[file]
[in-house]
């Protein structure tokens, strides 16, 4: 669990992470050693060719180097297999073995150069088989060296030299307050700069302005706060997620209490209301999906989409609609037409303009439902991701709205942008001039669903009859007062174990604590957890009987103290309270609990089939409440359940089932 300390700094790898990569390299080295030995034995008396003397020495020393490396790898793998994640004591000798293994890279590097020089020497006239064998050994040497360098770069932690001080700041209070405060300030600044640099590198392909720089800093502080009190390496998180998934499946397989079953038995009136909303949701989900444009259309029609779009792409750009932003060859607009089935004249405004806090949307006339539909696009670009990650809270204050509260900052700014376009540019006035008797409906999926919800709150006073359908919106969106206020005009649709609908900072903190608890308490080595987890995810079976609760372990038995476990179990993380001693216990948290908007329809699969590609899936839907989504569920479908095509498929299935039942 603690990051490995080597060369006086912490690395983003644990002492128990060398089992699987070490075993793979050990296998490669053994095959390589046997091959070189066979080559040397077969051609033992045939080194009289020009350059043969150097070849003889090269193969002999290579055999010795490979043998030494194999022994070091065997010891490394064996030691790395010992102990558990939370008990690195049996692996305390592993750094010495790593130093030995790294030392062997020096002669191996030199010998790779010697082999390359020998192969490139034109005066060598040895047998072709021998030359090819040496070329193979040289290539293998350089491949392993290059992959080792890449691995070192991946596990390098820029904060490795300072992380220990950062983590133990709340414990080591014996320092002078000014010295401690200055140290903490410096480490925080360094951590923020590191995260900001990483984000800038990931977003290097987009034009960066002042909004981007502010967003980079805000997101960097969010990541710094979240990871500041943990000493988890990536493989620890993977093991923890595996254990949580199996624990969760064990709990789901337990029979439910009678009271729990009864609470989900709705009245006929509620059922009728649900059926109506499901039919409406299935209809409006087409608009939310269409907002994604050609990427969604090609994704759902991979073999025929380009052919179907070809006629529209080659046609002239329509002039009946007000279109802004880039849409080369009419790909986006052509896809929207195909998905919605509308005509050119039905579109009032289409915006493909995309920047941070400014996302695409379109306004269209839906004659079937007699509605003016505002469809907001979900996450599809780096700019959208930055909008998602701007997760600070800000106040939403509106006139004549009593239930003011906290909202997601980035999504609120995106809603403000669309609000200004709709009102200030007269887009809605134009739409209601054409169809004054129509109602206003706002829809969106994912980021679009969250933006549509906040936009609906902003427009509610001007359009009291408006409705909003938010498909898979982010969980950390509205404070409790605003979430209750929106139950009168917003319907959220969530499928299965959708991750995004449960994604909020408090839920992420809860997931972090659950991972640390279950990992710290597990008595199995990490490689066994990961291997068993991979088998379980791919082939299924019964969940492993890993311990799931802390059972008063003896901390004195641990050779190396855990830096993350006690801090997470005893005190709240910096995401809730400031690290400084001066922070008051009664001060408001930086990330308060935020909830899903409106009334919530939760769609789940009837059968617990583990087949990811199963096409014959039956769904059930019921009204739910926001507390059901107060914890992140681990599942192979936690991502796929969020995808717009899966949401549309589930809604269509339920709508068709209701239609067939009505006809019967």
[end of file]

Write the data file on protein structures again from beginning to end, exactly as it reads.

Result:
[in-house]
């Protein structure tokens, strides 16, 4: 669990992470050693060719180097297999073995150069088989060296030299307050700069302005706060997620209490209301999906989409609609037409303009439902991701709205942008001039669903009859007062174990604590957890009987103290309270609990089939409440359940089932 300390700094790898990569390299080295030995034995008396003397020495020393490396790898793998994640004591000798293994890279590097020089020497006239064998050994040497360098770069932690001080700041209070405060300030600044640099590198392909720089800093502080009190390496998180998934499946397989079953038995009136909303949701989900444009259309029609779009792409750009932003060859607009089935004249405004806090949307006339539909696009670009990650809270204050509260900052700014376009540019006035008797409906999926919800709150006073359908919106969106206020005009649709609908900072903190608890308490080595987890995810079976609760372990038995476990179990993380001693216990948290908007329809699969590609899936839907989504569920479908095509498929299935039942 603690990051490995080597060369006086912490690395983003644990002492128990060398089992699987070490075993793979050990296998490669053994095959390589046997091959070189066979080559040397077969051609033992045939080194009289020009350059043969150097070849003889090269193969002999290579055999010795490979043998030494194999022994070091065997010891490394064996030691790395010992102990558990939370008990690195049996692996305390592993750094010495790593130093030995790294030392062997020096002669191996030199010998790779010697082999390359020998192969490139034109005066060598040895047998072709021998030359090819040496070329193979040289290539293998350089491949392993290059992959080792890449691995070192991946596990390098820029904060490795300072992380220990950062983590133990709340414990080591014996320092002078000014010295401690200055140290903490410096480490925080360094951590923020590191995260900001990483984000800038990931977003290097987009034009960066002042909004981007502010967003980079805000997101960097969010990541710094979240990871500041943990000493988890990536493989620890993977093991923890595996254990949580199996624990969760064990709990789901337990029979439910009678009271729990009864609470989900709705009245006929509620059922009728649900059926109506499901039919409406299935209809409006087409608009939310269409907002994604050609990427969604090609994704759902991979073999025929380009052919179907070809006629529209080659046609002239329509002039009946007000279109802004880039849409080369009419790909986006052509896809929207195909998905919605509308005509050119039905579109009032289409915006493909995309920047941070400014996302695409379109306004269209839906004659079937007699509605003016505002469809907001979900996450599809780096700019959208930055909008998602701007997760600070800000106040939403509106006139004549009593239930003011906290909202997601980035999504609120995106809603403000669309609000200004709709009102200030007269887009809605134009739409209601054409169809004054129509109602206003706002829809969106994912980021679009969250933006549509906040936009609906902003427009509610001007359009009291408006409705909003938010498909898979982010969980950390509205404070409790605003979430209750929106139950009168917003319907959220969530499928299965959708991750995004449960994604909020408090839920992420809860997931972090659950991972640390279950990992710290597990008595199995990490490689066994990961291997068993991979088998379980791919082939299924019964969940492993890993311990799931802390059972008063003896901390004195641990050779190396855990830096993350006690801090997470005893005190709240910096995401809730400031690290400084001066922070008051009664001060408001930086990330308060935020909830899903409106009334919530939760769609789940009837059968617990583990087949990811199963096409014959039956769904059930019921009204739910926001507390059901107060914890992140681990599942192979936690991502796929969020995808717009899966949401549309589930809604269509339920709508068709209701239609067939009505006809019967």